The Election Project

In 2010 Simon Roberts was selected as the official British Election Artist, an appointment made by the Speaker’s Advisory Committee on Works of Art, to create an historic record of the UK General Election. Traversing the length and breadth of the country in a motorhome during the official 24 days of electioneering, Roberts aimed to capture as many political parties, in as wide a variety of constituencies as possible. In the spirit of We English he continued to use a tripod-mounted, large format plate camera, often shooting from the top of his vehicle. This allowed him a wide field of view, far removed from the up close and personal shots that are familiar from news media. His attention focused on the relationship between the canvassing politicians and the voting public. He recorded not only the three main political parties but also the smaller parties and independent candidates running for public office.

As an antithetic yet complementary accompaniment to his work, Roberts also encouraged public participation in the project. He invited people to visually express their opinions on the campaign by uploading their own photographs to a special website created for the purpose (www.theelectionproject.co.uk). The 1,696 images submitted by members of the public formed part of the final work alongside Roberts’ twenty five framed photographs: one representing each day he spent on the campaign trail, and a final photograph capturing an unexpected additional day: – the coalition talks.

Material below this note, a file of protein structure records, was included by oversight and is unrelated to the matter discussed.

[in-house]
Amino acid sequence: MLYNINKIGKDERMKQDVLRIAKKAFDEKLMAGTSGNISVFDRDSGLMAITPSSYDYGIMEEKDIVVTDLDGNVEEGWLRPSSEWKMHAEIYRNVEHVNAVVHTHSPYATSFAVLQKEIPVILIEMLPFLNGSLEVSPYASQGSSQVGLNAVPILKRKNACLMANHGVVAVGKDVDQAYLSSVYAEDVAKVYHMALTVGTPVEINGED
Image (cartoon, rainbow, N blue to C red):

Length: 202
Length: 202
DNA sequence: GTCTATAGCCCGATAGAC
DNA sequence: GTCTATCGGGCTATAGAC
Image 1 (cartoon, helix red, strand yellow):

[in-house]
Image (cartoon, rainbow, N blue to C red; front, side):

“Roberts’ Election photographs are like theatre sets, with myriad small dramas being played out in them. They repay scrutiny; as gestures, expressions, and involvement – or lack of – in the campaign process, are revealed. The public submissions, on the other hand, show a very British combination of cynicism, humour and the absurd. Taken as a whole, Roberts Election Project is far more than simply a record of what transpired to be an historic year in British politics. It is also an important overview of the British people and landscape in 2010.” Greg Hobson, Archive Magazine, October 2010

 

Downloads/Links

View installation shots here

To view the gallery of photographs supplied by the public, visit the Election Project website here

For more information and a full list of the works in the Parliamentary Art Collection, visit their website here

View installation shots here

Essay by Greg Hobson: “Simon Roberts’ work – The Election Project in context” (pdf)

Essay by Sean O’Hagan: “The Election Project Public Gallery – an anthropology of ourselves?” (pdf)

Essay by Peter Wilby: “How the election was won” (pdf)

Contact sheet of photographic plates (pdf)